Turns out, it was a neat accounting trick. “Australia has made minimal progress towards net zero and its emissions trends are among the worst in the developed world,” a new study from the Australia Institute concluded. It found that the reduction claim is only possible if you include the land-use sector, which involves forests, agriculture and other related emissions. Without it, Australia’s emissions from fossil-fuel use and industry increased by 6% in 2018, relative to 2005.
“In a net-zero world, we know that the elephant in the room for most countries is fossil fuels,” said Pep Canadell, chief research scientist at CSIRO’s climate science center. “You cannot leave cutting emissions from the energy sector to the last minute. It’s a multitrillion-dollar problem that you change over decades.”
It’s not that emissions from land use don’t matter. The most recent analysis from Global Carbon Project shows that, globally, the sector added 6.5 billion tons of emissions in 2019. That’s nearly one-fifth the emissions from fossil-fuel use in that year.
“But it’s important to distinguish, because we have huge uncertainties in emissions from land use,” said Canadell. Unlike accounting for the burning of fossil fuels, emissions from agriculture and forests are hard to measure, and often these measurements rely on methods that grant emissions reduction based on avoiding a hypothetical polluting activity.
These accounting methods aren’t just a matter of government one-upmanship. These land-use emissions are going to be crucial to the upcoming negotiations at COP26 in Glasgow in November. Countries will have to find a way to agree on rules surrounding Article 6 of the Paris Agreement that will create a new carbon market to help public and private entities to trade offsets. The goal of the market is to reduce emissions, but without clear accounting and strict regulations there’s a big risk of greenwashing.
Consider the most common type of carbon offset available on the voluntary markets today: avoided deforestation. It works on the principle that, in a bid to meet climate goals, the world will have to avoid cutting down forests. And because many people depend on the forests for their livelihoods, perhaps it’s possible to pay those people to find alternatives that will help preserve forest.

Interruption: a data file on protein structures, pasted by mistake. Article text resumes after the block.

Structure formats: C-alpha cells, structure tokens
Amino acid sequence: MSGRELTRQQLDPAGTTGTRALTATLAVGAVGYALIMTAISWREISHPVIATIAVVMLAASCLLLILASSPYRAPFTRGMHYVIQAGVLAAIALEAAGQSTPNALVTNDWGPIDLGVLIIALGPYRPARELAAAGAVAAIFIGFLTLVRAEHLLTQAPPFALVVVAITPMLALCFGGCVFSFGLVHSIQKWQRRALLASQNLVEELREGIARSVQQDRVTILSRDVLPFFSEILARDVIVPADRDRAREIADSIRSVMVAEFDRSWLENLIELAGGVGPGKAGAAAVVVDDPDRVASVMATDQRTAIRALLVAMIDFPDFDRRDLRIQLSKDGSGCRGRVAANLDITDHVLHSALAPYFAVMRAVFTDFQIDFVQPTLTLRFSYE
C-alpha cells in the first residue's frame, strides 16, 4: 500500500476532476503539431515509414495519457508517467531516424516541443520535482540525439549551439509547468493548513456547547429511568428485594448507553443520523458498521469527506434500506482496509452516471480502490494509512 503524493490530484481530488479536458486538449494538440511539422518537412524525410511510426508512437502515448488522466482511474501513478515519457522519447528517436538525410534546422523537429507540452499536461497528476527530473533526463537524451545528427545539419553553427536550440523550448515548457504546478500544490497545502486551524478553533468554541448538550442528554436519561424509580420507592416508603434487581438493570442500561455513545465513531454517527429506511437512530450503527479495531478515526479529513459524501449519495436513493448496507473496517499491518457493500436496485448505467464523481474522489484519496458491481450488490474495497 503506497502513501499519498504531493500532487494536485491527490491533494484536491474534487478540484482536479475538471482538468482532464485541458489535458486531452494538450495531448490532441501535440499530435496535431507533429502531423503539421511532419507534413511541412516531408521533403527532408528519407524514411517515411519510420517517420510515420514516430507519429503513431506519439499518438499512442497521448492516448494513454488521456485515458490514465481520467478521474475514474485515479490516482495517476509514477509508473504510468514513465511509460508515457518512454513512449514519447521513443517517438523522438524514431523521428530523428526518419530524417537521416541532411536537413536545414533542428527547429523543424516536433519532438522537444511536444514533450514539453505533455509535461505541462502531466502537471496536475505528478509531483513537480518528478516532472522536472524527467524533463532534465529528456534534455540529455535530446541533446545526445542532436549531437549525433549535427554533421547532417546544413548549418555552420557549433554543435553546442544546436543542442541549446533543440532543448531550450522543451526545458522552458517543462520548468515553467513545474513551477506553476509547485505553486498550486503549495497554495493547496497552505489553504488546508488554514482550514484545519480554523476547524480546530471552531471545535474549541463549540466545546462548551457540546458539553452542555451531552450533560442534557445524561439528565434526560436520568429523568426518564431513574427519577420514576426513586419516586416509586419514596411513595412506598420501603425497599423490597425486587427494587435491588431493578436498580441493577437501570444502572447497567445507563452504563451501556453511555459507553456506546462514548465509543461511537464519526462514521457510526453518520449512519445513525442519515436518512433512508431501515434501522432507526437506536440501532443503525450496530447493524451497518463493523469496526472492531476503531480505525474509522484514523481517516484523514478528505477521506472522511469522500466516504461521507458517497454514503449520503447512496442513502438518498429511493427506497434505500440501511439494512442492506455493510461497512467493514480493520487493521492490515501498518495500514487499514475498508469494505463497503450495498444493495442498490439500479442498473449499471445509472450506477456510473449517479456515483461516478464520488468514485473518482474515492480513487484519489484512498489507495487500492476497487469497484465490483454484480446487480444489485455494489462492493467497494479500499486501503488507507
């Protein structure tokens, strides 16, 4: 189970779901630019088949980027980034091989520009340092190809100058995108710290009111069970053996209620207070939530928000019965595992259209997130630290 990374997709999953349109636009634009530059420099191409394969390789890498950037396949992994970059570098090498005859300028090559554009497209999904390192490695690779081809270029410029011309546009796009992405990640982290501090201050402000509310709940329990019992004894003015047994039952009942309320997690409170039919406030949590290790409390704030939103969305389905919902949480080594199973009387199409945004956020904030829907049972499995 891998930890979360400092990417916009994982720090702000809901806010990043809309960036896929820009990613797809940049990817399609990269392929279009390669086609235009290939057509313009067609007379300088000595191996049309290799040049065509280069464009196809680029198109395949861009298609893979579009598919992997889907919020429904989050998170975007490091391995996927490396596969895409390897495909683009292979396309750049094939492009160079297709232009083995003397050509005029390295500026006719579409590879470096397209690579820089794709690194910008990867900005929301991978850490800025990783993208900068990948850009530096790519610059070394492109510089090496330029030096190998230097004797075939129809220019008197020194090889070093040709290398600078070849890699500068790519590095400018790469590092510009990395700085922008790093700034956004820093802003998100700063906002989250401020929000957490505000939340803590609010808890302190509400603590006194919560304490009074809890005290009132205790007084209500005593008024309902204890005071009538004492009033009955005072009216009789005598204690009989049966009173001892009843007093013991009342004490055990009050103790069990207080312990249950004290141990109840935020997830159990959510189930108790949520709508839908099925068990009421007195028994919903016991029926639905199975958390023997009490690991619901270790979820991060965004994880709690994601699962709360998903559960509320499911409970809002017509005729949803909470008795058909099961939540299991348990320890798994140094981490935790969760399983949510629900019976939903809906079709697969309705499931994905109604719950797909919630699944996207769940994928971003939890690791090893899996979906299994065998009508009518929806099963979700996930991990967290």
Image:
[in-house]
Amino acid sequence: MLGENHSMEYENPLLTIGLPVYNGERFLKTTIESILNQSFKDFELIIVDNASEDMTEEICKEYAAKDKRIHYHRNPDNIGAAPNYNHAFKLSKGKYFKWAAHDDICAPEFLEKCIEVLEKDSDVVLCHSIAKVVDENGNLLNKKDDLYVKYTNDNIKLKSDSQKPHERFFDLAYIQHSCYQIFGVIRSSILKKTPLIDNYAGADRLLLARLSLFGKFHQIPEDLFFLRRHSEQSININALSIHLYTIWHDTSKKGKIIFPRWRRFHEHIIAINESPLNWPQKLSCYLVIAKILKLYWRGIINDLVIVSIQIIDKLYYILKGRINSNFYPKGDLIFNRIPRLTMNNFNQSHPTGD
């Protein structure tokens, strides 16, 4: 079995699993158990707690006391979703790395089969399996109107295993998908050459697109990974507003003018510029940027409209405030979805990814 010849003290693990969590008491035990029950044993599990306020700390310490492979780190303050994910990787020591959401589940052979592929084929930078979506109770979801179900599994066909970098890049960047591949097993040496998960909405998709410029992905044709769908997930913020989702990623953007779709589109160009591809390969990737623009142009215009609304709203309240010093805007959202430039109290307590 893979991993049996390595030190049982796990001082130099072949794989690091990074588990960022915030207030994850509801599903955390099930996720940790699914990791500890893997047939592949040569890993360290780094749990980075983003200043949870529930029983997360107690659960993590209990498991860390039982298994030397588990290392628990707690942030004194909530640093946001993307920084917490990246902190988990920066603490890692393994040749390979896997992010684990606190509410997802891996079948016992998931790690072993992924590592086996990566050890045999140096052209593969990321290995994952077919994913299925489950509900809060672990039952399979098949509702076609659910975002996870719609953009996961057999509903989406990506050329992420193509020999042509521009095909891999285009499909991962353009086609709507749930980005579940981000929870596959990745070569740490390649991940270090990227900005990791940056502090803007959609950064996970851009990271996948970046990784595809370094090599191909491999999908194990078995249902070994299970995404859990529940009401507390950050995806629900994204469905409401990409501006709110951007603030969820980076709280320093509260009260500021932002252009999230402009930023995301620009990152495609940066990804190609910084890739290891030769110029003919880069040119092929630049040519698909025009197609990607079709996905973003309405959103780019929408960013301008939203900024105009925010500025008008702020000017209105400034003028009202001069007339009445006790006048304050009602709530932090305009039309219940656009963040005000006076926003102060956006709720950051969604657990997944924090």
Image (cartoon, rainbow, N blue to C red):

To measure whether deforestation has been avoided, project developers have to assume a certain baseline rate of deforestation, say 1% per year. After the project launches, if the rate of deforestation falls to 0.5%, then the project developer can create offsets based on the 0.5% of emissions avoided because some trees weren’t cut down. Companies can then purchase these offsets to reduce emissions from their carbon balance sheets.
But these voluntary markets often fail. Without strict regulations, sellers can manipulate baselines to create as many credits as possible. That suits buyers for whom a large volume of credits is available at cheap prices. Neither party is incentivized to actually cut emissions, even though that’s the premise that brought them together.
Even if the offset did in fact cut emissions, there’s also the risk of double counting. A company gets to delete emissions from their own accounts and the country in which the offset project exists also cancels the same amount of emissions from its national inventories. This is not just theory. One of the reasons Article 6 negotiations have failed at previous COP meetings is reportedly because Brazil objected to the phrase “double counting” appearing in the rulebook governing the new carbon market.
As the world gets more serious about tackling climate change, get ready for more carbon accounting fights couched in technical language we’ll all have to get more familiar with.
Akshat Rathi writes the Net Zero newsletter, which examines the world’s race to cut emissions through the lens of business, science, and technology. You can email him with feedback.